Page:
Cardiogenic shock (CS) is developed because of a cascade of events that follows heart failure (HF). Heart failure leads to progressive decline in ventricular function as compensatory remodelling ultimately fails and patients present with recurrent episodes of acutely decompensated HF and ultimately CS (Esposito and Kapur, 2017). CS is characterised by impaired cardiac output leading to reduction in systemic perfusion, increased residual volume in ventricles and increased filling pressure. If the hemodynamic of CS are not corrected, then it ultimately escalates to reduced tissue perfusion and multi-organ failure, thus there is an emphasis on early intervention to reduce mortality in these cases (Reynolds and Hochman, 2008).

For patients who are referred for high-risk PCI or cardiogenic shock, there are four treatment objectives taking care of the following mechanisms:

•   Circulatory support (systemic perfusion)

•   Ventricular support (LV unloading)

•   Coronary perfusion

•   Decongestion

Circulatory support is the improvement of mean arterial pressure, coronary perfusion means increase in microvascular coronary blood flow, and decongestion is defined as reduced total blood volume and elevated venous filling pressures (Esposito and Kapur, 2017). Left ventricular unloading, defined as reduction in myocardial work and wall stress, is the main target therapy of the MCs devices and it can be achieved by either reducing the pre-load (volume) or after-load (pressure), which reduces the myocardial oxygen demand (Burkhoff and Naidu, 2012). Pharmacologic agents, in unison, fail to correct this hemodynamic situation as the use of vasopressors and inotropes might improve mean arterial pressure but they either do not improve tissue perfusion or increase the myocardial work (Esposito and Kapur, 2017).

This is where the timely and righteous use of MCS devices comes into the picture. The devices can be pulsatile (IABP), or continuous flow pumps like axial flow pumps (Impella) or centrifugal flow pumps (VA-ECMO). The trans-valvular axial-flow pumps directly solve three of the four major objectives in the hemodynamic support equation by increasing mean arterial pressure, reducing LV pressure and volume, and increasing coronary blood flow (Esposito and Kapur, 2017). Decongestion, however, is not handled by the MCS devices and might require diuretic therapy or renal replacement therapy. Like their mechanism of action, the three devices have distinct hemodynamic profiles too; IABP reduces the pressure, Impella reduces both pressure and volume, and VA-ECMO increases the pressure. For this reason, the Impella pump is often deployed as an LV unloading strategy in VA-ECMO patients, resulting in improved patient hemodynamics (Patel et al., 2019). More details about the role of various MCS devices in improving the hemodynamic situation of the CS is given in Table 3.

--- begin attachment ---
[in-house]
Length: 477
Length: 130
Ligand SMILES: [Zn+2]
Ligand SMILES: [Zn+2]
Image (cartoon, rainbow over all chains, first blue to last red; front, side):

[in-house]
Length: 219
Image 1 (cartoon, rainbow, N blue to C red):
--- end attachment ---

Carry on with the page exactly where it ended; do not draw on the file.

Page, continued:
Indication of Use of Various MCS Devices

The hemodynamics can give a cardiac surgeon a good idea about which MCS device will work better than the other in the given situation. If along with refractory CS there is severe aortic insufficiency, then Impella or LVAD might be a better option, while if there is hypoxemia along with ventricular failure then VA-ECMO along with LV venting should be done. It should also be considered if the failure is left ventricle dominant or right ventricle dominant. If the left ventricle is failing, then there is little use of using IABP, also VA-ECMO alone in this condition will further increase the workload of the heart. Appropriate drugs should also use in managing the condition, especially the fourth mechanism, i.e., decongestion. Indications of use of various MCS devices, along with their major advantages and disadvantages, are further elaborated in Table 3. The prioritization of devices according to the patients and their indications is given in a flow chart in Fig. 4.


Figure 4: The cardiogenic shock algorithm and prioritization of MCS devices according to patients’ hemodynamic condition (Reproduced from: Esposito and Kapur (2017)).

Impella Technique: Case Studies

Various studies have been done to assess the outcomes and complications of using the Impella device. A study done by Ouweneel et al. (2019) has recorded 12 years of clinical experience with Impella in patients with cardiogenic shock, after acute myocardial infarction. This registry concluded that Impella treatment in cardiogenic shock after acute myocardial infarction is feasible, although mortality rates remain high, and complications occur. Lauten et al. (2013) studied the evaluation of safety and efficacy of the Impella-2.5–percutaneous left-VAD in patients with cardiogenic shock after acute myocardial infarction. They also observed a high 30-day mortality, however, the lactate levels improved suggesting better organ perfusion. A study by Lemaire et al. (2014) showed improved results as compared to earlier studies. The authors suggested that 30-day mortality and complication rates were within acceptable levels.